We live in the age of information. Analysts are among those inundated with data. But with the aid of powerful computing techniques, analysts can make sense of volumes of data that come in many forms--text, numbers, images, video, audio.
Statisticians at Pacific Northwest National Laboratory are marrying computational power with statistical techniques to sift through all these forms of data together. Their work is being applied in a variety of areas, such as analyzing handwriting and identifying bioagents.
Whether clients come in with existing data or PNNL gathers the data, statisticians help uncover hidden information through exploratory analysis, grouping like kinds of information and extracting key features. Using systematic sampling and experimental design techniques, they ensure data are reliable and will support confident decisions.
"We take varying types of information, whether it's text, video or audio and turn it into mathematical representations. Once we have a mathematical representation, we can apply our statistical techniques of clustering and data analysis," said Brent Pulsipher, who manages PNNL's statistical and quantitative sciences group.
PNNL statisticians use clustering algorithms to find groups that share a common feature in some dimension and "cluster" them together. "Many of our algorithms are self-clustering. We don't say 'group these into a certain category that relates to a certain feature.' The algorithms specify categories themselves," said Pulsipher. Identifying these groupings is called "lead generation" because it provides leads that may explain what is causing a problem.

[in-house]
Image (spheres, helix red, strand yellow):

In one project, statisticians are developing algorithms to identify handwriting samples. These algorithms quantify handwriting characteristics, such as density, height and slant. "We use statistical methods to test for similarities and differences between unknown and known handwriting samples," said Kris Jarman, who leads the effort.
In another project, statisticians are using algorithms with a bio-pathogen sensor being developed at the Laboratory called Matrix-Assisted Laser Desorption Ionization Mass Spectrometry (MALDI-MS). The algorithms quickly identify the unique features of questionable bacteria and categorize those features in real time according to pathogen type. In lab tests, these algorithms were more than 95 percent accurate in classifying bacteria strains.
The Department of Energy's Office of Science is the single largest supporter of basic research in the physical sciences in the United States and is working to address some of the most pressing challenges of our time.